SASKATOON, Sask. – The Saskatchewan Trucking Association (STA) held its annual AGM and Awards Gala Oct. 22, offering a trio of speakers to address the state of the industry both in provincially and nationally.
Angela Splinter, CEO of Trucking HR Canada, highlighted a handful of initiatives her organization has endeavored to achieve, all with a focus on three key areas – skills, knowledge sharing and recruitment and retention.
With relation to skills, Splinter spoke about the National Occupational Standard for drivers, which is a document that defines the knowledge, skills and abilities required for certain occupations.
“For us, a big accomplishment was the development of a National Occupational Standard (NOS) for truck drivers,” said Splinter. “It was a year-long process; we had engagement and support of each provincial association, which included Saskatchewan. We also had a national working group that had representation from Saskatchewan.”
Splinter said sessions were held across the country to best determine ‘what a driver actually does’ on a national scale, which can help better inform where the industry is going with regards to its training programs.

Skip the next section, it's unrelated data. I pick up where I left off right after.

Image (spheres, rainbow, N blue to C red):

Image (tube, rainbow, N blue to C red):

“Identifying that required knowledge, skills and abilities required of the driver is an important thing for us to do,” Splinter said. “(The NOS) really is the best document that we have that dispels the myth that just anyone can be a truck driver.”
Splinter said Trucking HR’s NOS is was what served as the foundation for mandatory entry level training in Ontario.
A lack of skills recognition for truck drivers is another Trucking HR effort Splinter underscored.
With the government classifying around 40,000 occupations from skill level A to D – A being most skilled and D lowest – truck driving currently falls into the C level.
“It’s an issue within the industry, because this classification limits our access to training and retraining funds,” said Splinter. “Experienced drivers from other countries cannot be recruited through the traditional immigration channels.”
One of the first steps in moving truck driving up the skilled trade ladder starts with how job ads are posted.
Splinter said career ads help those who establish whether a profession is skilled or unskilled determine what the industry is demanding from the potential employee.
Splinter pointed out that she could go online right now and find hundreds of job ads for truck drivers that state, ‘no education required’ and ‘no experience necessary,’ both of which do not help the effort to make the profession a skilled trade.
Getting more young people behind the wheel is another point of interest for Trucking HR Canada.